For all the significant developments that have been made over recent years, digital remains one of the most difficult frontiers for supermarkets to conquer. This is because the challenge is two-fold. Firstly, supermarkets have had to set up an effective eCommerce presence, which isn’t easy considering their core offering lies in Fast Moving Consumer Goods, which don’t fit naturally in the online world. Secondly, there’s an increasing need to enhance the in-store experience through digital innovation, adding convenience to customers as they go about their shopping. It’s the second of these that’s the most difficult to achieve. What needs to be digitised and how do you go about doing it?
The Online Offline
We’ve written in the past about retailers’ attempts to digitise their offline offering in an attempt to secure greater rates of customer retention and boost customer value. Marie Claire and Ocado recently teamed up to provide a digital, curated experience in a pop-up shop on Tottenham Court Road in London. The likes of Boots and McDonald’s have tried to find digital ways to increase footfall and dazzle the customers while they’re in store. And there’s increasing call for major supermarkets to digitise their loyalty cards to make it easier for customers to take advantage of rewards schemes. The old adage that you don’t leave home without your plastic card simply doesn’t hold true anymore. The only thing you do always remember is your phone.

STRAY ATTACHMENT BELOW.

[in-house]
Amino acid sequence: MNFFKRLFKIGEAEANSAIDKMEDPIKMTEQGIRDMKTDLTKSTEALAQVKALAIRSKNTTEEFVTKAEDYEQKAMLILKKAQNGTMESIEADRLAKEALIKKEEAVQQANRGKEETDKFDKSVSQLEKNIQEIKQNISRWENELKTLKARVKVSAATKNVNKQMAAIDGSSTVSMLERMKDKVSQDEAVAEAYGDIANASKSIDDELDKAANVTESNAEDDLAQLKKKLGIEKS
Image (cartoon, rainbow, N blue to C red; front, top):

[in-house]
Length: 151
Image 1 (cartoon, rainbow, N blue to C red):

Ironically, the latest attempt at in-store digitisation is driven by a desire to not have customers fill their pockets with an item. This month, Tesco has announced that it’s trialling Tap&Tag, a digital technology that removes the need for paper receipts by logging the information in a digital account. To use Tap&Tag, customers simply tap a Tap&Tag console at the checkout with their contactless card or NFC phone and the digital receipt is sent to the customer’s email address or app. There’s no paper to pick up from the terminal and nothing to stuff into your back pocket. It’s all paperless and all online.
The trial is currently taking place at two stores in Essex, but Tesco is hoping to roll it out much further in the coming months with an eye to similar developments in the future. It’s an acknowledgement, the company’s technical programme manager Neil McGeough explains, of a significant change in the way customers are shopping. Cumbersome wads of paper and plastic frustrate customers; why have them when the switch to digital is so intuitive for most shoppers and fairly simple for retailers?
“We are edging towards a completely paperless future when it comes to receipts and this is because digital natives just don’t like putting paper into their wallets,” McGeough told Marketing Week. “This trend will keep on growing over the next five years and wallets will become a thing of the past. Soon there will be receipts on your phone, loyalty cards on your phone and bank details on your phone.”
How can digital receipts add convenience?